Investing in goats
Avia Collinder, Business Reporter
Alexander Archer is a goat farmer in Clarendon who closed his Spanish Town supermarket to invest in agriculture. He borrowed $4 million from the Development Bank of Jamaica (DBJ) in 2006 at 13 per cent interest for seven years, to introduce solar energy on his property and also improve other areas of farm management.
The loan, on which there was a six-month moratorium on payment, is already three-quarters paid-up just four years in, and he has never been late with his payments, Archer claims.
He has invested in producing meat for which the demand is far from filled locally, he states.
The Clarendon farm is a designated breeder unit within the Jamaica Goat Farmers Association (JGFA) whose mission is to increase goat production in Jamaica through modernising and formalising the breeding, rearing, slaughtering, packaging and delivery of goat products.
Products targeted for production include goat sausage, goat burgers, goat ham and a premium goat meat product that's grown under controlled conditions and slaughtered at a young-enough age to deliver a taste and tenderness superior to any New Zealand lamb.
The DBJ money was used by Archer to provide solar power sources for his home in Clarendon where there is no electricity, and pasture fencing for the farm, as well as the construction of goat houses. The farm, comprising 300 acres, has 200 acres fenced in with Hi-Tensile electric fencing powered by solar panels and 12-volt batteries.
The biggest problem with the loan, Archer states was the length of time for processing. It took all of one year, which the framer now describes as 'ridiculous'.
Archer has been rearing goats for 10 years, but invested everything in the farm located in Content Village, five years ago, after closing his supermarket, which was being affected by crime and extortion.
Now the vice-president of the JGFA, he raises goats for meat sale, as well as pure-breds, and claims that the demand for goat meat in Jamaica is only 20 per cent met.
Jamaican goat, he said, is a choice meat locally, but remains scarce because of conditions affecting producers - including high feed costs and praedial larceny, fed in part by the scarcity of the meat and high demand, which the JGFA is trying to change.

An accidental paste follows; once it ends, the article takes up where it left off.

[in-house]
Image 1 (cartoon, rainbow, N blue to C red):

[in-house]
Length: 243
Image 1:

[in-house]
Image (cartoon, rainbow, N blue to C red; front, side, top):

"The profitability of goats depends on your resources," he stated.
Feed provided by local grain retailers ranges in cost from $35,000 to $40,000 per ton with one goat eating about two pounds per day. Farmers with too little land for grazing will have higher feed costs.
Feeds can also be supplemented with wheat nibbling (a by-product of flour manufacture), brewers grain or beer trash (a by-product from beer manufacturing at Desnoes and Geddes), and by orange pulp (a by-product from orange factories).
Local farmers rely heavily on orange pulp, but there was a shortage of this in recent times as orange factories cut production in the face of competition from imported juice sources.
The JGFA has some 130 members, Archer notes, but adds that there are thousands of local producers who are being en-couraged to join up for the benefits. The organisation is currently planning the establishment of a central slaughterhouse to "formalise production systems", using an upgraded abattoir at Bodles in St Catherine.
It is also in the process of acquiring refrigerated trucks to transport meat and is working on new packaging and the development of a new distribution network to get quality goat meat to supermarkets and other points of sale.
The new production arrange-ments, Archer says, will improve quality, reduce dependence on the under-the-tree butcher and assure consumers that what they are eating was not been stolen and sold to them.
JGFA also has in the works a new product - slated for a December launch - of goat meat produced under special growing conditions and, which, according to Archer, will be as tender as lamb with less cholesterol, more protein and with the same cuts as lamb. The slogan of the association, he says, is 'The Healthy Red Meat' with a meat which has half the calories of beef, pork and lamb and only 20 per cent of the fat and saturated fat of these other meats. Goat, he stated, also has more protein and iron and is a superfood.
Meanwhile, Archer said goat rearing is profitable with goat meat selling at $160 per pound live weight (unslaughtered) and pure-breds for $50,000 per goat.
He currently has 100 animals in stock. For added revenue, the farmer has also been experimenting with sea-island cotton and grows some onion, scallion and vegetables.
His pure-breds, he states, are used to improve carcase quality on other farms where they are introduced.
Archer also has an interest in exporting pure-breds, noting that there is interest in Jamaican stock from Caribbean islands including Antigua, Haiti and Grenada. In the past, he has been able to send animals to Antigua. Export of the animal is now prevented by the absence of air-freight facilities. He is hoping Caribbean Airlines will remedy the problem soon.
The small farmer notes that he has taken advantage of every training programme offered locally by the Ministry of Agriculture on goat rearing and meat production, including one which is currently being run islandwide. He has also attended training sessions in Texas in the United States. He does research on his own as well.